Where I stand on Lisp
So, Lisp. It's been on my radar for years and I'm finally getting around to learning it. The syntax is foreign but I find I'm having the most difficulty in the areas of semantics and the standard library. The symbol semantics are giving me tremendous trouble for sure, mainly because I find it hard to tell when a symbol is needed as opposed to a value. It probably sounds silly, but I find C pointers to be more intuitive and straightforward, and this is probably owed to the fact that C is exclusively pass-by-value, whereas Lisp is ostensibly both pass-by-value and pass-by-reference, and the semantics therein--which behavior is chosen and when--is unknown to me. For example, why is
(1 2 3) inappropriate in a situation where
'(1 2 3) and
list--assuming its value is
(1 2 3)--are perfectly okay? Ostensibly, this is an ambiguity in the syntax and Lisp thinks I'm trying to call a function called
1. This type of situation stresses me out precisely because I start thinking of the unknown unknowns--what other situations like this are going to come along and derail me or cause bugs that remain hidden for extended periods of time? I imagine, perhaps without warrant, disasters on par with Undefined Behavior in C.
The code to be reviewed
Long intro, but since this is a code review, I feel it should probably be made clear where I stand so that reviews can take it into account and use it to more effectively communicate the review. I.e. I am a seasoned programmer, I dabble in "language lawyering", and I'm a complete beginner in Lisp.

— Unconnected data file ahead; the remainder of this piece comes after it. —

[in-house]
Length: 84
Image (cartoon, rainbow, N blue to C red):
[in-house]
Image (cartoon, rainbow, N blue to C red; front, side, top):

That said, my first Common Lisp project is FizzBuzz. And what better way to get more comfortable with the language than to put my newbie code out for other people to systematically tear apart?
#|| divisible() || I don't usually write functions for something as obvious as || "is X divisible by Y", but in this case, I find || || (divisible 15 5) || || easier to read than || || (= 0 (mod 15 5)) || || feel free to refute if you disagree and think this is a || code smell or you know of a more idiomatic way || || Also feel free to say something if you feel || this C-like multi-line style is in bad taste ||# (defun divisible (a b) (= 0 (mod a b))) #|| range() || Copy/pasted from somewhere else. I don't know what cons does || I do understand that the function is recursive || I do not think I would have thought of this on my own ||# (defun range (min max) (when (<= min max) (cons min (range (+ min 1) max)))) (defun fizzbuzz (n) (setf out (string "")) (unless (or (divisible n 3) (divisible n 5)) (return-from fizzbuzz n)) (when (divisible n 3) (setf out (format nil "~d~d" out "Fizz"))) (when (divisible n 5) (setf out (format nil "~d~d" out "Buzz"))) out) (setf 1to100 (range 1 100)) (setf 1to100fb (map 'list #'fizzbuzz 1to100)) (mapcar #'(lambda (str) (format t "~d~%" str)) 1to100fb)
I admit, it's hard to break away from imperative programming.
The style isn't completely foreign to me, actually. I've already used (and am very much a fan of) style similar to this in C-like languages...
while(condition) if(condition) do_something;
And I'm already a fan of functional programming...
return list.map(x => (x * x) % 256).filter(x => x >= 10);
So I believe I'm on the right track. Although Dunning-Kruger is always in effect.